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On The Track Of The 'Cat
Sam Moses
January 24, 1983
In the snowy stillness of winter in the immense Maine woods, Oscar Cronk and his hound Emerson pursue a quarry as elusive as a ghost
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January 24, 1983

On The Track Of The 'cat

In the snowy stillness of winter in the immense Maine woods, Oscar Cronk and his hound Emerson pursue a quarry as elusive as a ghost

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Next morning: another huge breakfast, including two thick slices of toast made of Edie's homemade wheat bread, topped with blueberry jam. "As busy as that woman is, rarely do I have to eat store-boughten bread," he says. In the woods, snowshoeing across a clearing toward what he calls a "cedar swamp," Cronk rubs his belly as he walks. Even when not tending the ulcer, he pats it a lot, as if he were making sure it was still there. Security is strength, and strength comes from a full stomach. As with Popeye and spinach, he figures that sandwiches and cookies during the day give him "stayin' power," and he always carries some in the woods, tucked inside his shirt against his belly to keep them from freezing.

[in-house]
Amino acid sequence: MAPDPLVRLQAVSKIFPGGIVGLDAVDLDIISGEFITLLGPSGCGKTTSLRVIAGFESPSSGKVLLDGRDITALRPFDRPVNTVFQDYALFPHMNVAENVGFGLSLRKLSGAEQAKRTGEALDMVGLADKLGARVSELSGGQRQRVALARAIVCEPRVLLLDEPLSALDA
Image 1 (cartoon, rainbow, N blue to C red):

Cronk is clearly hopeful this morning and having a good time, though it's 10° below, a fresh snowfall still hasn't settled and the wind feels like pins stuck in his cheeks. "Rabbit tracks comin' up," he announces like a tour guide, as if rabbit tracks were wondrous. He could be the ultimate scoutmaster. He gets no saltier than "son of a bee," and most things are "she" to him: the weather, the truck, the wood stove, logs for the wood stove, the carburetor on the snowmobile. Dogs, cats, birds, beavers and male people are "fellas," and he imparts the obvious about them like tips from a scoutmaster: "A fella should always warm up his truck on a cold morning or she'll let him down someday."